Stocks Hang On to Snap Losing Streak
"I think mostly this is the traders having fun," he said. "They want volatility; every day when the market goes up, goes up, goes up, there's not a lot of opportunity for these guys to play the short side, play the long side and move the market."
Stocks were driven lower Wednesday by persistent worries about the stability of Spain's banking system and Greece's future in the eurozone, but cut losses towards the end of the session on the confirmation that Greece would be receiving its next round of aid from Europe's bailout fund.
The European Financial Stability Facility has decided to release €4.2 billion ($5.4 billion) of a €5.2 billion loan program. The EFSF plans on releasing the rest of the €1 billion over time.
Meanwhile, Greece showed signs of progress towards forming a government. Fotis Kouvelis, the leader of smaller leftist party Democratic Left, broke ranks with the leftist Syriza party, in a sign that it might be more open to forming an alliance with the Socialists and the conservative New Democracy parties.
A euro relief rally ensued, with the currency rebounding from a three-month low Thursday. London's FTSE rose 0.25% and the DAX in Germany climbed 0.7%.
In Spain, the government effectively nationalized the country's fourth-largest bank, Bankia, as the banking system there remains awash in toxic assets from the fallout of a building and property market crash in 2008. Spain government officials say it will do more on Friday to bolster the troubled banks.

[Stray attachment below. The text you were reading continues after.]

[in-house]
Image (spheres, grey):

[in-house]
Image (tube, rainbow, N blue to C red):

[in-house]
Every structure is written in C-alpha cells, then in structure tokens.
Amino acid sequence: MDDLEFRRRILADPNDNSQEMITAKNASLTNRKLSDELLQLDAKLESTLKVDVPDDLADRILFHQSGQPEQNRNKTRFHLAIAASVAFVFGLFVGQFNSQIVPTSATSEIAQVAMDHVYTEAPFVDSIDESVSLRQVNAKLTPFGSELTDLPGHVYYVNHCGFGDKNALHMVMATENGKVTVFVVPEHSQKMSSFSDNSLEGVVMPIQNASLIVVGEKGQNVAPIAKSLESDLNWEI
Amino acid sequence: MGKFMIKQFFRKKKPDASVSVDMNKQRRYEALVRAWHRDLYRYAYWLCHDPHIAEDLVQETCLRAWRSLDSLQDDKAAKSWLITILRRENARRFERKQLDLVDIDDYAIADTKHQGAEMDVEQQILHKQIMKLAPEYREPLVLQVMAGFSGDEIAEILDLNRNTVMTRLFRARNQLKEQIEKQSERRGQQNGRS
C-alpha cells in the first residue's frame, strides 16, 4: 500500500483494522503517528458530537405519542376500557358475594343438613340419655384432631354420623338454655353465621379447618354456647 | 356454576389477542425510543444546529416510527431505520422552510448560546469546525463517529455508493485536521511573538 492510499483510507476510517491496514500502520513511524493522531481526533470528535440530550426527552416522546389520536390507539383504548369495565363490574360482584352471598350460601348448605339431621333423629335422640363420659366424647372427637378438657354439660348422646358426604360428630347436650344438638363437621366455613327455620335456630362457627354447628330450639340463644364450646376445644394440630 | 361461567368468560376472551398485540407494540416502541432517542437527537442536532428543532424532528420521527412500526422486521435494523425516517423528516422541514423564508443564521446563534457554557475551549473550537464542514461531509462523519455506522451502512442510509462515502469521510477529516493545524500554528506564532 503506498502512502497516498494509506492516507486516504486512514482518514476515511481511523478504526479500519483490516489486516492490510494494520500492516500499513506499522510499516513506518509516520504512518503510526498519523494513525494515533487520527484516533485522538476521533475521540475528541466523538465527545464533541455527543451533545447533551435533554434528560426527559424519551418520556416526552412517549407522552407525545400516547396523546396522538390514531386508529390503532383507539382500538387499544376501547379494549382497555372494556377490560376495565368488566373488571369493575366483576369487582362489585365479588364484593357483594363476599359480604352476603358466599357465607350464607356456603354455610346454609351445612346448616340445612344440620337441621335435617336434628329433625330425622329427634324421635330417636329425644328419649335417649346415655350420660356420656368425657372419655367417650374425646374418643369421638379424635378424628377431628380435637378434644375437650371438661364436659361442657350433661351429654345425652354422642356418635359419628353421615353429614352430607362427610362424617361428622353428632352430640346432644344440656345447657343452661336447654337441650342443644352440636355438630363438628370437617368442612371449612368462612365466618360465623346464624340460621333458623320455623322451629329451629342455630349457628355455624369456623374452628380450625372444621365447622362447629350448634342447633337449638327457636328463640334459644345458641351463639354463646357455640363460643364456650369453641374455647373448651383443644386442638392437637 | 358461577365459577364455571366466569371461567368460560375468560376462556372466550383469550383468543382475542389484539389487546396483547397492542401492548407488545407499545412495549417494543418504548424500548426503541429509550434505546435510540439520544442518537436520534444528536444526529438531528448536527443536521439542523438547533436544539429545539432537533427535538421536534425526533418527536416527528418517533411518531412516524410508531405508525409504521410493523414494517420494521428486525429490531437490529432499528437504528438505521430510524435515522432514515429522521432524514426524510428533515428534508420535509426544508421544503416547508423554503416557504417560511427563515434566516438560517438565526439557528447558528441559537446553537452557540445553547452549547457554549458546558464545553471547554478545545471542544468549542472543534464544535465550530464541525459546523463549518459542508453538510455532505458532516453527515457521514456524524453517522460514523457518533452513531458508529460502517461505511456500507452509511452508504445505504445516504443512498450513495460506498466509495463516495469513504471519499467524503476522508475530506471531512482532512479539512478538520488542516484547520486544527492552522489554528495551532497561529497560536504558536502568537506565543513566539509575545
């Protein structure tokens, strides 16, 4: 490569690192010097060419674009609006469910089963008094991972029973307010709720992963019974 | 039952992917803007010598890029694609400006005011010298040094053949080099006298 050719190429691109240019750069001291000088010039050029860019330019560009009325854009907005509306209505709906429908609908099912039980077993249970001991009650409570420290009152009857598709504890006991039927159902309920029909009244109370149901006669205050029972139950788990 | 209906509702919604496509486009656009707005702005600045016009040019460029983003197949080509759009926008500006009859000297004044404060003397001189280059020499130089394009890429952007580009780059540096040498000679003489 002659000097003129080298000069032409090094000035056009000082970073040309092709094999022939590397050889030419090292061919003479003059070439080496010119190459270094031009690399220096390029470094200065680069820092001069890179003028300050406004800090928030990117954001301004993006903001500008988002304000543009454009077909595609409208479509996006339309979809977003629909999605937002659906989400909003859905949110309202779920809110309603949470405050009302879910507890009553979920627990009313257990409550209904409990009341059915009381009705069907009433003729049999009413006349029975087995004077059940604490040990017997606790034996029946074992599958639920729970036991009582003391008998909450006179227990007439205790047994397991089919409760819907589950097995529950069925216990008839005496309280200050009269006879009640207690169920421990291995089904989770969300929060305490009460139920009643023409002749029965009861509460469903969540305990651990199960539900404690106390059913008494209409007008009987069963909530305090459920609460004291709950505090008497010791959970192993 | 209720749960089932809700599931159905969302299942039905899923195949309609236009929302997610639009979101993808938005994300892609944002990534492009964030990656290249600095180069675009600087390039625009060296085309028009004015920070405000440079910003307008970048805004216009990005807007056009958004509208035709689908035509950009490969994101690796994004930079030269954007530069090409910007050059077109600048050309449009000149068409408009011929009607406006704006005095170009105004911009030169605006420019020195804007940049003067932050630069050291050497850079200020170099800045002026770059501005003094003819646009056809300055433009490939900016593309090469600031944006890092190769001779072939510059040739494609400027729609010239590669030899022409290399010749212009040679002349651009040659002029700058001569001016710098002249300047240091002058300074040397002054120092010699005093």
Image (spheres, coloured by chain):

On Thursday, the markets were also provided with some relief after initial jobless claims for the week ended May 5 fell by 1,000 to a seasonally adjusted 367,000 from the previous week's upwardly revised figure of 368,000, according to the Labor Department. Economists had expected jobless claims of 369,000.
The four-week moving average was 379,000, down 5,250 from the previous week's average of 384,250.
Andrew Wilkinson, chief economic strategist at Miller Tabak, is taking a conservative position on the jobs data.
"We will need to see further consistency in the weekly data before we can revert to a positive tone on the labor market," he said.
Dan Greenhaus, chief global strategist at BTIG, concurred, saying that if the data is repeated or improves a bit throughout May, the pace of job creation could accelerate to more normal levels of between 150,000 and 200,000.
"Nonetheless, that level of job creation is really quite tepid," he said.